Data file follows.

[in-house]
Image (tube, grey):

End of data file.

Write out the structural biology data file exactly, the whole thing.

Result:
[in-house]
Image (tube, grey):